Broad(er)acre City on show at the LWR Gallery at the University of Toronto

Broad(er)acre City is on display at the LWR Gallery at the Daniels Faculty of Architecture Landscape and Design at the University of Toronto until January 15, 2011. The exhibition is the result of a research project made possible through the Howarth-Wright Fellowship that University of Toronto Master of Architecture student Matthew Spremulli was awarded in May 2009, which enabled him and Fei-Ling Tseng to travel to Frank Lloyd Wright’s Taliesins as well as engage in a cross-country tour through the Great Plains in the United States

The project was inspired by Frank Lloyd Wright’s urban ambitions to radically reconsider status quo cities in a time of crisis. Like Broadacre City, Spremulli and Tseng have considered future urban potential by projecting the spatial impacts of fundamental social changes. However, human-induced crises stretch beyond the borders of our local ecologies, and in our current time of broader crises one cannot afford to think about solutions based on socio/political rights alone. If we are to continue developing our civilizations around cities, we need to design them with agendas broader than commerce, transportation and property in mind. Broad(er)acre City begins exploring those broader issues by challenging the traditional anthropocentric bias of urban design and takes the position that cities can be designed to achieve eco-system symbiosis.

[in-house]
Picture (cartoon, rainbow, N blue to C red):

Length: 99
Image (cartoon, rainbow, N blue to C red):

For the team, the concept of ecosystem symbiosis entails the development of both a productive (ecological surplus) and interactive relationship within a given ecoregion. Their design objective was to test their concept of ecosystem symbiosis over three separate ecoregions, providing the organization/urban foundation for a 2,500-person settlement. Viability of this settlement required both nutritional sustenance and the establishment of a primary local economy. Meeting these viability requirements could only be done by tapping into existing ecological processes and enhancing them in order to benefit from a net surplus.

As their test ground they chose the Great Plains (temperate grasslands) of North America. The temperate grasslands being the most human-converted ecoregion in the world, simultaneously as the Great Plains are experiencing property rights changes, it was an ideal location to experiment on. City speciation emerges as each project demanded unique technological, social and logistic solutions to a design works with the ecology in order to achieve interactive viability.

Also involved in the exhibition project were Luca Spremulli, Paul Tseng and Greg Everett.